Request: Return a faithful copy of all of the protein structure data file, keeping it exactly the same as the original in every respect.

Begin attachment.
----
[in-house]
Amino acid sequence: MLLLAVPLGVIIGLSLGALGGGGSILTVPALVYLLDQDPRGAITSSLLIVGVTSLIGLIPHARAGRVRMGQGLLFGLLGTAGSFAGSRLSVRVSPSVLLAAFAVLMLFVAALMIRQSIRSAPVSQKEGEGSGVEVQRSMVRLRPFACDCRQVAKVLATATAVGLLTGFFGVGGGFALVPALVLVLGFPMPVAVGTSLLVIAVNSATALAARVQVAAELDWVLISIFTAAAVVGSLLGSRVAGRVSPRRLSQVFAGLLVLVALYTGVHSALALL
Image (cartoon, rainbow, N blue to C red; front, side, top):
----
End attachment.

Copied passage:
[in-house]
Amino acid sequence: MLLLAVPLGVIIGLSLGALGGGGSILTVPALVYLLDQDPRGAITSSLLIVGVTSLIGLIPHARAGRVRMGQGLLFGLLGTAGSFAGSRLSVRVSPSVLLAAFAVLMLFVAALMIRQSIRSAPVSQKEGEGSGVEVQRSMVRLRPFACDCRQVAKVLATATAVGLLTGFFGVGGGFALVPALVLVLGFPMPVAVGTSLLVIAVNSATALAARVQVAAELDWVLISIFTAAAVVGSLLGSRVAGRVSPRRLSQVFAGLLVLVALYTGVHSALALL
Image (cartoon, rainbow, N blue to C red; front, side, top):